In the latest systems of modal logic (S5 and K), there are reduction theorems that show iterated modalities of any degree (NN, NNN, NNN, etc.) can be reduced to first degree (Hughes and Cresswell, New Introduction to Modal Logic, p. 98). So we can point out that all such additions of "necessarily" add no strength to an analytical statement that is tautologically true. Nor do additions of "is true," "in all possible worlds," etc. add anything.

  1. P. (for example, P is the proposition that A = A. A is A, A is identical to A.)
  2. It is true that P.
  3. It is necessarily true that P.
  4. P is true in all possible worlds.
  5. P is necessarily true in all possible worlds.

The Necessity of Identity
In the physical and logical worlds, no entity can fail to be identical to itself. The only strict identity is self-identity. So we can speak loosely of the necessity of identity. But is this a tautology, empty of meaning, like A = A?

In recent years, modal logicians claim to prove the "necessity of identity" using the converse of Leibniz's Law – the "Identity of Indiscernibles."

The indiscernibility of identicals claims that if x = y, then x and y must share all their properties, otherwise there would be a discernible difference. Now one of the properties of x is that x = x, so if y shares that property "= x" of x, we can say y = x. Necessarily, x = y. QED.

Our rule that the only identity is self-identity becomes in information philosophy that two distinct things, x and y, cannot be identical because there is some difference in information between them. Instead of claiming that y has x's property of being identical to x, we can say only that y has x's property of being self-identical, thus y = y..

The necessity of identity in symbolic logic is

(x)(y) (x=y) ⊃ ◻ (x=y)

Despite many such arguments in the philosophical literature over the past forty or fifty years, this is a flawed argument. Numerically distinct objects can only be identical "in some respect," if they share qualities which we can selectively "pick out". We can say that a red house and a blue house are identical qua house. They are different qua color.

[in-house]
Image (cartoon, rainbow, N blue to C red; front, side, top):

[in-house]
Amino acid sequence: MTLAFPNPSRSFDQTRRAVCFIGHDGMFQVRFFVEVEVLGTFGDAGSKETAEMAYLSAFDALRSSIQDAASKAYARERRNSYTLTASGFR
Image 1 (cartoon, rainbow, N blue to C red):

Here is Saul Kripke's argument against the possibility of contingent identity statements:

First, the law of the substitutivity of identity says that, for any objects x and y, if x is identical to y, then if x has a certain property F, so does y:

(1) (x)(y) [(x = y) ⊃ (Fx ⊃ Fy)]

On the other hand, every object surely is necessarily self-identical:

(2) (x) ◻(x = x)

But

(3) (x)(y) (x = y) ⊃ [◻(x = x) ⊃ ◻ (x = y)]

is a substitution instance of (1), the substitutivity law. From (2) and (3), we can conclude that, for every x and y, if x equals y, then, it is necessary that x equals y:

(4) (x)(y) ((x = y) ⊃ ◻ (x=y))

This is because the clause ◻(x = x) of the conditional drops out because it is known to be true.

This is an argument which has been stated many times in recent philosophy. Its conclusion, however, has often been regarded as highly paradoxical. For example, David Wiggins, in his paper, "Identity-Statements," says,
Now there undoubtedly exist contingent identity statements. Let a = b be one of them. From its simple truth and (5) [= (4) above] we can derive '◻{a = b)'. But how then can there be any contingent identity statements?

Where are Kripke's errors? First we must unpack his "indiscernibility of identicals." Instead of (x)(y) [(x = y) ⊃ (Fx ⊃ Fy)], we must say that we can clearly discern differences between x and y, their names and their numerical distinctness, unless we are merely talking about a single object using two different names. For example, Hesperus = Phosphorus qua names referring to the planet Venus.